This dissertation makes contributions to the sparse approximation and efficient representation of complex signals, e.g., acoustic signals, using greedy iterative descent pursuits and overcomplete dictionaries. As others have noted before, peculiar problems arise when a signal model is mismatched to the signal content, and a pursuit makes bad selections from the dictionary. These result in models that contain several atoms having no physical significance to the signal, and instead exist to correct the representation through destructive interference. These "spurious" terms greatly diminish the efficiency of the generated signal model, and hinder the useful application of sparse approximation to signal analysis (e.g., source identification), visualization (e.g., source selection), and modification (e.g., source extraction). While past works have addressed these problems by reformulating a pursuit to avoid them, such as adding restrictions to the content of a dictionary, in this dissertation we use these corrective terms to learn about the signal, the pursuit algorithm, the dictionary, and the created model. Our thesis is essentially that a better signal model results when a pursuit builds it considering the interaction between the atoms.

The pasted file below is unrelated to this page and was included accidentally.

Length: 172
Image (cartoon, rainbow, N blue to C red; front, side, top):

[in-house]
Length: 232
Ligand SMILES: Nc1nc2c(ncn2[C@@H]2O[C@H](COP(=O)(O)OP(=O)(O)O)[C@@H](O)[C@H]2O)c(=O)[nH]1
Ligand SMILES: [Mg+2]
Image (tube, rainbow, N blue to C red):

We formally study these effects and propose novel measures of them to quantify the interaction between atoms in a model, and to illuminate the role of each atom in representing a signal. We then propose and study three different ways of incorporating these new measures into the atom selection criteria of greedy iterative descent pursuits, and show analytically and empirically that these interference-adaptive pursuits can produce models with increased efficiency and meaningfulness, e.g., the direct correspondence between an atom and specific signal content. Finally, we propose creating a higher-level model of the decomposed signal by agglomerating the atoms of a representation into molecules based on a set of similarity criteria, and compare this method with a previous pursuit that builds molecules simultaneously with the decomposition process. In both cases, we find that the resulting molecules have a more clear relationship with the signal content.
|Advisor:||Shynk, John J.|
|Commitee:||Daudet, Laurent, Gibson, Jerry D., Manjunath, B. S., Roads, Curtis|
|School:||University of California, Santa Barbara|
|Department:||Electrical & Computer Engineering|
|School Location:||United States -- California|
|Source:||DAI-B 70/03, Dissertation Abstracts International|
|Keywords:||Atomic decomposition, Matching pursuit, Signal representations, Sparse approximation|
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